• 2.Similarly, in the Python script we download and install Git and NPM (Node Package Manager) are lines 29 and 39
  • 3.Download the application from the Git repository, lines 44 to 46.
The is used as expected to start the application and the app might have various NPM packaged dependencies, we first run NPM  and then start the Node.js application server in the app directory.  Deciding if NPM should be run is done using the Run NPM attributes of the plug-in.  The basic command is something like:
exec /usr/bin/nohup /usr/local/bin/node $WORKING_DIR/$NODE_APP_NAME 2>&1 > /dev/null &
This assumes that environment variables are set for the working directory and the Node.js application name—passed as a user parameter from the plug-in.


In the plugin/parts directory and subdirectories we keep actual installation tarball files for PCRE, NPM and Node.js.  This allows the plug-in to install in case the VM does not have access to the Internet, or usually, if a failure occurs when the download is attempted.  In general, it’s a good idea to keep all dependent files that are needed for the plug-in to correctly setup and install.  In our case, the correct version of PCRE is contained therein since the rest of the Node.js setup depends on it to be installed on the Linux environment.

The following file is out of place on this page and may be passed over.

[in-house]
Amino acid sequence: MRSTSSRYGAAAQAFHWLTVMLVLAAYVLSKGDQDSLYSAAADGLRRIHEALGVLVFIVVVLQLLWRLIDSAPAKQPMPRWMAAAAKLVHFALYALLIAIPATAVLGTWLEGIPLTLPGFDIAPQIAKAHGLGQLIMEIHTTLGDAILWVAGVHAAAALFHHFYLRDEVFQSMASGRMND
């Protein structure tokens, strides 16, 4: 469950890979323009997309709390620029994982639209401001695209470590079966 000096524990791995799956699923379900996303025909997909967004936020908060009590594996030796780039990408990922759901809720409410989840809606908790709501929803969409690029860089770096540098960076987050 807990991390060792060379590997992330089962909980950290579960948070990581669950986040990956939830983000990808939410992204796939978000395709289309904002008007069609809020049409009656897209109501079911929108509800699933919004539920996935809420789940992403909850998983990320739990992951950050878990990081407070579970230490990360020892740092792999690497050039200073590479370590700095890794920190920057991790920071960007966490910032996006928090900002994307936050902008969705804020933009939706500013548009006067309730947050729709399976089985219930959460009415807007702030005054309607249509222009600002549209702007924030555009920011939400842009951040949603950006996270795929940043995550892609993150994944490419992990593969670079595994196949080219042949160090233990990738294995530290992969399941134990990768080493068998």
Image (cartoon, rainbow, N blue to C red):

Building the Node.js plugin

Building the plug-in requires Java 6 and Apache ANT.  Java is needed since Apache ANT is a Java tool.  Running the build is easily done with one command:
$ant -f
A correct installation of the Plugin Development Kit (PDK) means that the dependencies and other associated Java JARs will be on your CLASSPATH.  The ANT command, if successful, results in a tarball file created in the export directory.  This is the plug-in.  In our case this file is export/node_js-  The version is controlled by the value in the plugin/config.json.  Changing that will result in a new version for the plug-in.